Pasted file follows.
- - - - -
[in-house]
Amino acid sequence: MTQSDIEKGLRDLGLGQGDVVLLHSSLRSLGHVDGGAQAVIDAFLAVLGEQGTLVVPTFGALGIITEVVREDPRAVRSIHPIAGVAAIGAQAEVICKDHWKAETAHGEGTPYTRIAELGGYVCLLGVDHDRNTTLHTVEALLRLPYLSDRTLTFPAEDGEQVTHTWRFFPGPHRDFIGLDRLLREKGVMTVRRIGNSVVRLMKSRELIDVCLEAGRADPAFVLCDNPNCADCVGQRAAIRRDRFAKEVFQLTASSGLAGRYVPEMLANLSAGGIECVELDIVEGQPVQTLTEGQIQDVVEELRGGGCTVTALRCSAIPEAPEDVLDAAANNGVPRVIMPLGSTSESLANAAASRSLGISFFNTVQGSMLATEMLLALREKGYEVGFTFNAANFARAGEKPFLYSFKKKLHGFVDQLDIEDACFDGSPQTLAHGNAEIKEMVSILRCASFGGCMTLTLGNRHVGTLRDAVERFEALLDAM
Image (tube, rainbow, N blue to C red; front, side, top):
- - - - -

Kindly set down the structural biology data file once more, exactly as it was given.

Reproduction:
[in-house]
Amino acid sequence: MTQSDIEKGLRDLGLGQGDVVLLHSSLRSLGHVDGGAQAVIDAFLAVLGEQGTLVVPTFGALGIITEVVREDPRAVRSIHPIAGVAAIGAQAEVICKDHWKAETAHGEGTPYTRIAELGGYVCLLGVDHDRNTTLHTVEALLRLPYLSDRTLTFPAEDGEQVTHTWRFFPGPHRDFIGLDRLLREKGVMTVRRIGNSVVRLMKSRELIDVCLEAGRADPAFVLCDNPNCADCVGQRAAIRRDRFAKEVFQLTASSGLAGRYVPEMLANLSAGGIECVELDIVEGQPVQTLTEGQIQDVVEELRGGGCTVTALRCSAIPEAPEDVLDAAANNGVPRVIMPLGSTSESLANAAASRSLGISFFNTVQGSMLATEMLLALREKGYEVGFTFNAANFARAGEKPFLYSFKKKLHGFVDQLDIEDACFDGSPQTLAHGNAEIKEMVSILRCASFGGCMTLTLGNRHVGTLRDAVERFEALLDAM
Image (tube, rainbow, N blue to C red; front, side, top):